Michelle Clark


Jade – The Street Vet

My name is Jade Statt and I qualified as a vet from Glasgow Vet School in 2002. I have worked in small animal practice since graduating but have always wanted to volunteer as a vet in the UK. This proved more challenging than I thought as despite there being a website dedicated to vets volunteering abroad (worldwide veterinary service), no similar vet volunteer UK scheme existed. Meeting Josh Coombes (#DoSomethingForNothing) the barber who cuts hair on the street, was the catalyst I needed. I then contacted the Royal College of Veterinary Surgeons to find out what guidelines I had to follow in order to safely start to be a vet on the streets of London.  In October 2016 StreetVet was created with the full support and backing from the Blue Cross.
I was introduced to Michelle through a mutual friend and I was immediately impressed with her passion, knowledge and commitment to the dogs and their owners on the streets of London. Michelle’s vision was to create a easily accessible place where the homeless could bring their dogs regularly for necessities such as quality food, coats, leads and toys, have a vet check and medication if necessary and be groomed – before long DOTS was created ( Dogs On The Streets) and we held our first successful Dog Station on March 12th this year.  I believe the dogs receive a more complete repeatable monthly service that I hope in time, as the word spreads, will help more and more dogs.  The option of outreach on foot with my backpack still exists.
All the dogs are able to be micro-chipped and are given a tag for their collars to identify them as treated by DOTS. With this system we aim to create robust health records for these dogs. Creating a rapport with the homeless and gaining their trust does not happen overnight but, with the familiarity of Michelle and our aim to help their best friends , I believe this project will be a success.

Anna – Vet  

The best thing about being a vet is having the privilege to be able to help people look after their friends. Working with Street Vet and DOTS gives me the opportunity to extend that care outside the usual confines of the veterinary clinic.

Homelessness in the UK has more than doubled since 2010. More people are losing their homes and sleeping rough, and with them their canine companions. The bond between them is often the strongest most stable relationship they have.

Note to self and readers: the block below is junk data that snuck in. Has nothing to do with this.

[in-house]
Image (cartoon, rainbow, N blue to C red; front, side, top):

I always thought if I was homeless and sharing my life with a dog, it would be heart breaking if I were unable to access affordable veterinary care.

Until homelessness can be eradicated, organisations like DOTS provide the much needed reassurance that these dogs will not suffer due to society’s failure to look after its most vulnerable members, and I am proud to be a small part of it.

Sam – Vet

I’m Sam and I am a vet working in small animal practice in North London having graduated from Bristol vet school in 2015.
During my time as a student and since qualifying as a vet I have been going out every once in a while with my stethoscope to check over the dogs of homeless people on the streets. My initial aim was to be able to give these dogs a once over and then hopefully be able to tell their owners that their dogs were healthy.However, it very quickly became clear that there were a lot of dogs living on the streets that needed veterinary care and that helping these dogs and their owners would be a huge job that would need the input of many people.
After chatting to lots of vet friends I realised that there was a real desire amongst vets to volunteer their time to help dogs on the street and so I started to try and find a way to bring the two together.
Coincidently, as Jade was “StreetVetting” in one part of London myself and others were “StreetVetting” in another part. Jade and I very quickly crossed paths and decided that working together would be a fantastic opportunity to pool our resources to make a real difference.

I am very excited to be working with DOTS on this project and I think working with a team of like-minded vets supported by the passion and drive of Michelle, we can really help to make a difference to the lives of homeless pooches and their humans.

Ruth – Vet

When I qualified as a vet in 1989, I knew that I would end up working in charity practice. Having worked for the RSPCA, PDSA and Blue Cross, I’ve helped a lot dogs owned by people in vulnerable situations as well as those on benefits and generally unable to afford private veterinary fees.

I started working specifically with homeless people and their dogs in the late 90s in a scheme that provided free preventative health care for dogs owned by homeless and vulnerably housed people. This was set in a clinic environment and owners had to bring their dogs in. Having moved around in various jobs over the years, I’m now in a teaching role, supporting the next generation of veterinary and veterinary nursing students, which doesn’t require me to do any clinical work.